Welcome to the Early Modern Center

Isaac Oliver, Girl Aged 4
Isaac Oliver, Girl Aged 4

The Early Modern Center at the University of California, Santa Barbara supports a community of scholars and students committed to innovative approaches to studies of the early modern period, from 1500 to 1800. Located within the English Department, the EMC fosters interdisciplinary research, hosts colloquia and conferences, and houses groundbreaking digital humanities initiatives. Our theme for this year is Bodies and Boundaries, 1500-1800.

 

 

 


NEWS

The EMC is excited to announce the opening of the Maker Lab, consisting of The Center for Printing Practice—Founding Director, Patricia Fumerton—and punctum books—Founding Director, Eileen A. Fradenburg Joy. A collaborative space that explores the history of printing and publishing from the early modern to the contemporary, the Maker Lab houses a replica 19th-century Albion printing press (named Mad Madge by the EMC’s own Kristy McCants), cases of type, and a 3D printer. For more information about the space, see the article on its opening in The UCSB Current, “Back to the Future.”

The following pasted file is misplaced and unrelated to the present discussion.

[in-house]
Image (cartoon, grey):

Welcome back for the 2017-2018 Academic Year! Stay tuned for News, Upcoming Events, and the CFP for our Annual Conference!

 


THIS YEAR’S EMC EVENTS

William Hogarth, "Gin Lane" from A Harlot's Progress
William Hogarth, “Gin Lane” from A Harlot’s Progress

 

 

 


CURRENT PROJECTS AT THE EMC

The English Broadside Ballad Archive (EBBA)

The English Broadside Ballad Archive (EBBA) makes 17th-century broadside ballads accessible as text, art, music, and cultural records.

The EMC Imprint

The EMC Imprint is an innovative open access venue for scholarly work and communication and a peer-reviewed publishing platform for digital scholarship. See their first peer-reviewed publication, The Making of a Broadside Ballad, here!

The Early Modern British Theater: Access (EMBTA)

The Early Modern British Theater: Access assembles and digitizes multimedia resources relating to the history of British theater and dramatic literature during the period 1500-1800.)